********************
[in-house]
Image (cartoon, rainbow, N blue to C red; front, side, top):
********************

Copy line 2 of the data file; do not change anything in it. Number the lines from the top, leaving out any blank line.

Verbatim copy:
Image (cartoon, rainbow, N blue to C red; front, side, top):